A new report from the Centers for Disease Control and Prevention puts at Florida at No. 3 on their list of states that suffer the costliest fatal car accidents.
The CDC said that Florida incurs $3.2 billion in costs each year related to fatal crashes—these expenses include emergency medical care costs as well as the estimated lifetime income and benefits lost when someone dies. The CDC looked at its most recent data—from 2005, when 3,533 people died in Florida car accidents—to generate this figure.
A new article from The Sun Sentinel says that Florida traffic safety advocates fear that the state won’t heed the CDC’s recommendations for improvement.
“It’s like I’m involved in ground warfare,” State Representative Irv Slosberg told the Sentinel. “Things take three, four, five years to get done.” Slosberg worked for eight years to create a law in his daughter’s name which says police can pull over a driver solely for not wearing a seatbelt.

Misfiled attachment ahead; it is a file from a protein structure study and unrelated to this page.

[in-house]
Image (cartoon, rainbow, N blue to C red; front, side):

In addition to that seatbelt law, the CDC also suggests that Florida update its child safety seat policies so that children are in “age- and size-appropriate child safety and booster seats.” As it stands now, Florida is only one of three states that doesn’t require a child over the age of three to ride in a booster seat.
The CDC also recommends easing teenage drivers into the new responsibility of driving by giving them privileges in stages, and it wants the state to mandate that all motorcyclists wear a helmet.
Have you or someone you know been involved in a Florida auto accident?